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Side effects of pickles: Reasons why they can be harmful for your health

While we all love the tangy flavour of pickles, the content that goes into making it can be harmful to your health. Here are some of the side effects of pickles and why you should avoid eating them.
Side effects of pickles
Know the side effects of pickles. Image courtesy: Adobe stock
Team Health Shots Published: 10 Oct 2023, 10:30 am IST
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Do you also love the tangy taste of “aam ka achar” your mother made? Well, we Indians are familiar with the taste of this mixed bowl of spices and veggies or fruits. Mango, lemon, amla, cabbage, carrot, radish, and bitter gourd – you name it and you have the pickle that tastes amazing. It is often found as an add-on to the plate to help add some flavour to the dishes that would sometimes seem a little too bland. While we all love the tangy taste, it is the need to take care of our health that convinces our minds to shift our focus to more healthy food. Also, the habit of eating too much pickle can land you in trouble. Yes, there are certain side effects of pickles you must know.

Side effects of pickles you must know

1. Low nutritional value

The process of making pickles mainly includes cutting fruits or vegetables and leaving them under the sun to dry. No amount of water is allowed to remain in fruits or vegetables. Drying in sunlight destroys most of the nutrients. A coating of salt is also applied to them during the drying process, which only makes it worse. In short, the process of making pickles reduces its nutritional value.

pickles
Pickles has little nutritional value. Image courtesy: Shutterstock

2. Can increase blood pressure levels

Excess salt is applied at the time of drying them in the sun and more salt is also added during the making process. The excess salt in pickles increases the sodium content in them, making them extremely harmful to your health. The sodium in these salty foods like pickles can increase your blood pressure levels, which can lead to heart problems as well. While eating a pickle once in a while will not be harmful, regular consumption of extra sodium can lead to several health issues.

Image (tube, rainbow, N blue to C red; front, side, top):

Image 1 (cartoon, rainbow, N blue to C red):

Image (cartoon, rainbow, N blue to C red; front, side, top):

Our intestines absorb sodium during digestion, causing an increase in sodium electrolytes. This causes fluid migration into the bloodstream to dilute it. Excess fluid exerts more force on the walls of blood vessels, which causes your blood pressure to shoot up. When potassium intake exceeds sodium intake, the body maintains electrolyte balance. In this ratio, potassium works to soften the activity of sodium. If the body receives more sodium than potassium, the sodium system becomes dysregulated, which can lead to problems.

Also Read: 6 high sodium foods that make your blood pressure levels shoot up

3. Harmful to your kidneys

Did you know a regular medium-sized mango pickle has 569 mg of sodium? The daily requirement of our bodies is 2,300 mg, as per the Food and Drug Administration, USA. Excessive use of salt in pickles can increase the amount of sodium in our diet, which can lead to severe health problems like water retention, bloating, high blood pressure, and increased workload on the kidneys. A diet high in salt also leads to a fluid overload and can prove toxic for the heart, vascular system, and kidneys according to a study published in the International Journal of Molecular Sciences.

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pickles and kidney
Pickles can be harmful to your kidneys. Image courtesy: Shutterstock

4. Leads to high cholesterol levels

The process of making pickles also includes soaking the vegetables in oil, which acts as a moisture barrier and preserves them. This oil also increases cholesterol levels, increasing your risk of developing or worsening heart disease. Studies have also found that high cholesterol levels can damage the liver in the long run.

Plus, the oil used in making pickles contains trans fat, which occurs due to hydrogenation. Trans fat increases the shelf life of pickles, but increases LDL cholesterol (Bad Cholesterol) and reduces HDL cholesterol (Good Cholesterol). These also increase the triglyceride level.

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